The use of which software technology to do which job is actually a trick of politics. The truth is that any Turing Complete language can naturally do the same job that any other Turing complete language can do. This means that the choice of a particular technology or suite of technologies is not based on some formal rigor but on some politically motivated choice.
Developers want portable skills, so they have the security of a selection of employers. Businesses want easily replaceable employees for various reasons including keeping wages lower. The result is that the market will likely force a single programming language to the fore-front even if it doesn't deserve this placement on technical merit.
The similar forces work on operating systems and hardware too. The push for commodity parts forces us into architectures like the PC and it's x86 instruction set. Today there are no real competitors to PC architecture. There are no real competitors for the desktop metaphor either.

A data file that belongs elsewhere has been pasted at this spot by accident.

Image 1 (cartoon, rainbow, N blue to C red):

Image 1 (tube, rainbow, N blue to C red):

Even if I mention Linux on the desktop I'm not really mentioning anything all that radical. Even Linux bends to a windows-esque operating metaphor. When GUI designers make GUI for Linux, the go back to windows-keyboard-mouse (can I call it "wikemo" and not get snickered at?)
That mono-culture means that the window-keyboard-mouse paradigm is even further locked in. But so are other paradigms that are equally arbitrary and equally locked into the computing psyche. The questions that need to be asked as we start to see more and more internet enabled devices are:
* Do these paradigms work for us still?
* Is there a better way to represent program structure for these devices?
* Is the better way worth the effort of changing everyone's mind?